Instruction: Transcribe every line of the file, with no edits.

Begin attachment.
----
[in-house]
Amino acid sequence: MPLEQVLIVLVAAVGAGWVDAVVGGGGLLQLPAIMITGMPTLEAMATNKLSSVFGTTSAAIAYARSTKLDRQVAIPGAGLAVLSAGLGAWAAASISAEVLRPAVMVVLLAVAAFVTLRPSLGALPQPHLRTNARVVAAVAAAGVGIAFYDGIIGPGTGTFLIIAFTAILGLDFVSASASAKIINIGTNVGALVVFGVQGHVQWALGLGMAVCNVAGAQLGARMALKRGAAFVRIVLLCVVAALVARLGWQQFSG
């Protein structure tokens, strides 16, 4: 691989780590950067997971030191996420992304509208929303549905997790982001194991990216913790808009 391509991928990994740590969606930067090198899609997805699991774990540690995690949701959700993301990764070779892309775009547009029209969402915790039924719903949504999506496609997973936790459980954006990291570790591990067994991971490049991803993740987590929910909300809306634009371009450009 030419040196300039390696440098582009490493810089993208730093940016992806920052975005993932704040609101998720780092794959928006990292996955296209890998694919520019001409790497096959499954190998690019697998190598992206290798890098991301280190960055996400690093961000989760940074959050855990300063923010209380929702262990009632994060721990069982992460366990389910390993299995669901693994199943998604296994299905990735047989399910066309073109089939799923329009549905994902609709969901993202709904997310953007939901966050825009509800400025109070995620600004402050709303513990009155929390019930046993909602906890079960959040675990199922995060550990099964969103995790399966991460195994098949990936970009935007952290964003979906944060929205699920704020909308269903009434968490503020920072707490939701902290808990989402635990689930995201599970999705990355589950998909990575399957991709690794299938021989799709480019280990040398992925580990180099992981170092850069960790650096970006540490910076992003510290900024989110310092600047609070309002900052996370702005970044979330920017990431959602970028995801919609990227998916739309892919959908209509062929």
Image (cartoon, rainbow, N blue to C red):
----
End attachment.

[in-house]
Amino acid sequence: MPLEQVLIVLVAAVGAGWVDAVVGGGGLLQLPAIMITGMPTLEAMATNKLSSVFGTTSAAIAYARSTKLDRQVAIPGAGLAVLSAGLGAWAAASISAEVLRPAVMVVLLAVAAFVTLRPSLGALPQPHLRTNARVVAAVAAAGVGIAFYDGIIGPGTGTFLIIAFTAILGLDFVSASASAKIINIGTNVGALVVFGVQGHVQWALGLGMAVCNVAGAQLGARMALKRGAAFVRIVLLCVVAALVARLGWQQFSG
């Protein structure tokens, strides 16, 4: 691989780590950067997971030191996420992304509208929303549905997790982001194991990216913790808009 391509991928990994740590969606930067090198899609997805699991774990540690995690949701959700993301990764070779892309775009547009029209969402915790039924719903949504999506496609997973936790459980954006990291570790591990067994991971490049991803993740987590929910909300809306634009371009450009 030419040196300039390696440098582009490493810089993208730093940016992806920052975005993932704040609101998720780092794959928006990292996955296209890998694919520019001409790497096959499954190998690019697998190598992206290798890098991301280190960055996400690093961000989760940074959050855990300063923010209380929702262990009632994060721990069982992460366990389910390993299995669901693994199943998604296994299905990735047989399910066309073109089939799923329009549905994902609709969901993202709904997310953007939901966050825009509800400025109070995620600004402050709303513990009155929390019930046993909602906890079960959040675990199922995060550990099964969103995790399966991460195994098949990936970009935007952290964003979906944060929205699920704020909308269903009434968490503020920072707490939701902290808990989402635990689930995201599970999705990355589950998909990575399957991709690794299938021989799709480019280990040398992925580990180099992981170092850069960790650096970006540490910076992003510290900024989110310092600047609070309002900052996370702005970044979330920017990431959602970028995801919609990227998916739309892919959908209509062929």
Image (cartoon, rainbow, N blue to C red):